Lately, we’ve been looking at factors of safety and quality and examining how the two are often closely related. Inaccurate assessments of an existing structure and inconsistent quality control are two more factors that have a bearing on quality. Differing opinions, either on the job that’s to be performed or the quality of the work that’s been done, can affect the overall outcome of the project. As in the past, we’ll see that these two issues also have an effect on safety.

Initial Assessment

A good initial assessment of a structure’s coatings is crucial for directing the next steps of the project. This process should answer questions concerning the current state of the system, and address other factors such as containment, safety and environmental considerations. When these issues are inadequately or improperly considered, the length, quality and integrity of the job are likely to be affected. Not to mention the safety of those performing it.

The project specifications that follow from the initial assessment should account for staging, containment, surface preparation, application, cleanup and quality control documentation. Inaccurate initial assessments can lead to unforeseen variables in the scope of work. Reducing the unknowns going into the project will increase the chances of finishing on time and on budget. It will also help to ensure that the quality of the project is up to the owner’s expectations and that the safety of those performing the job is considered.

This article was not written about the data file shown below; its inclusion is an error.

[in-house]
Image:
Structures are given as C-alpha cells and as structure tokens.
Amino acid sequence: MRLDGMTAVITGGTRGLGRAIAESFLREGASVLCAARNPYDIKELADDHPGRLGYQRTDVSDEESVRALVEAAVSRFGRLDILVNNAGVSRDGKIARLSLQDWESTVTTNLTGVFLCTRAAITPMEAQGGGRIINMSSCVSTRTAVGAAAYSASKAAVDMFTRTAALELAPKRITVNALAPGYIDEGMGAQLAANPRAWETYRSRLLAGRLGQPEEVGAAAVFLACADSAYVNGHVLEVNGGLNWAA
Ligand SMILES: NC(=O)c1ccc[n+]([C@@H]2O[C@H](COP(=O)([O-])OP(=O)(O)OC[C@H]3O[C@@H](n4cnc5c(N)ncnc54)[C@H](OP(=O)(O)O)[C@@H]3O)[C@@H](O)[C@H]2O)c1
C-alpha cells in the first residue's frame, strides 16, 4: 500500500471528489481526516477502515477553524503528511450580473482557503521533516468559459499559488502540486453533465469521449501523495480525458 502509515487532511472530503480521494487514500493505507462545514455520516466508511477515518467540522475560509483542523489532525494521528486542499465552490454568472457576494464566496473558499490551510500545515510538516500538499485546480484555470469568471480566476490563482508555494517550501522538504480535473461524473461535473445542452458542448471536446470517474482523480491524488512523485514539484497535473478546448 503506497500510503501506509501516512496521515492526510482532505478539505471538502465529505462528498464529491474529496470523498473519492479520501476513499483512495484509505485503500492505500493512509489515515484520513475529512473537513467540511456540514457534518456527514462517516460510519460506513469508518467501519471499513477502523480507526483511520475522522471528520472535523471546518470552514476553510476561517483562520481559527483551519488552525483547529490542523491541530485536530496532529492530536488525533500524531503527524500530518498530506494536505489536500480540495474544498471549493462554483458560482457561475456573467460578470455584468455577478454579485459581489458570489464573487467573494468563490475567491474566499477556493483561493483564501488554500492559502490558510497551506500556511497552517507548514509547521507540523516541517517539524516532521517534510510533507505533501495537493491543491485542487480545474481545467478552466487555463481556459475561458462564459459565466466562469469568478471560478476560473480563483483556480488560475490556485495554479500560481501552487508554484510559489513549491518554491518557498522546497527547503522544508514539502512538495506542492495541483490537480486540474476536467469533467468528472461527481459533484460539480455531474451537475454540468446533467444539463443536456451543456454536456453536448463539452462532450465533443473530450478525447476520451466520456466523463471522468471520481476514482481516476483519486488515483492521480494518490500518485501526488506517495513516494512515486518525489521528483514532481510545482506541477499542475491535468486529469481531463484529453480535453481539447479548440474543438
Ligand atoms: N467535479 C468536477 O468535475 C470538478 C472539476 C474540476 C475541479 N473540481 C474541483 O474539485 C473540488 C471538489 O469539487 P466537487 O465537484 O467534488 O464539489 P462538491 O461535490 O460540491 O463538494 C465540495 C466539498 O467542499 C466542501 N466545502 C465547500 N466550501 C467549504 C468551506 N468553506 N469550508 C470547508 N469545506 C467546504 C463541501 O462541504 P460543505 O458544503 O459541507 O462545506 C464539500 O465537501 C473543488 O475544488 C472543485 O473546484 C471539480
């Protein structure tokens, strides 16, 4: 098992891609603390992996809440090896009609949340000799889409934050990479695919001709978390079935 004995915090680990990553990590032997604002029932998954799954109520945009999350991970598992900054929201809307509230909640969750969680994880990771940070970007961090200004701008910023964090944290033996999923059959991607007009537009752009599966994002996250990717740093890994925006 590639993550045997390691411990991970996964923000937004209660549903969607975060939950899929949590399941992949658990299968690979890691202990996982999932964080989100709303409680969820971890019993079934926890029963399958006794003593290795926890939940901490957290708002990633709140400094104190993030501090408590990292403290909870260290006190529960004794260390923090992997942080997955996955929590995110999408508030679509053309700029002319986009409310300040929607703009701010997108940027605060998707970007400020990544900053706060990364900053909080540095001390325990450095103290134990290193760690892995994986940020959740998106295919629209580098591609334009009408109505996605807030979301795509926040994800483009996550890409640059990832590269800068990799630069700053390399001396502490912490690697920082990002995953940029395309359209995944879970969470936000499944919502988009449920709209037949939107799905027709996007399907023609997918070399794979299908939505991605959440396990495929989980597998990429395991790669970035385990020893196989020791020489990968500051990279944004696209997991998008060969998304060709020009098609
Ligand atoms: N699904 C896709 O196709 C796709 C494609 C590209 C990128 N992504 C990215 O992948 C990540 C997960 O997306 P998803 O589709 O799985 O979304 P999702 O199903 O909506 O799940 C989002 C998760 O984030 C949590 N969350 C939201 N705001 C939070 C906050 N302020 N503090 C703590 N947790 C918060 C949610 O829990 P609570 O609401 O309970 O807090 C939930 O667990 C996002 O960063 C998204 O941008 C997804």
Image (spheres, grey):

Inconsistent Inspection

Specifications that follow from accurate initial assessments aren’t enough if inspectors don’t ensure they’re followed. Once again, irregularities in the inspection process will have an effect on the job’s outcome.

It’s up to the inspector to ensure that the work is being done in accordance with the project’s specifications and that the work activities are documented. Differences in opinion have the potential to arise between inspector and applicator in regards to whether specifications are being met. It is essential that those involved in resolving these differences are qualified to do so. Inspectors are directed to contact contractor supervisors if they feel that applicators are not living up to the standards laid out in the project’s specifications.

Applicators also must take care to focus on performing their work to comply with specifications, not simply to satisfy the inspector. Objective documentation tools are making progress in removing subjective aspects of the inspection process. Transcription errors and miscopied readings from electronic gauges are increasingly being eliminated by these digital tools, leading to a more objective inspection process.

With accurate initial assessments and consistent, objective inspection, coatings projects have a higher likelihood of adhering to project specifications. This in turn leads to a high quality project that’s completed by the deadline, with no surprises. 

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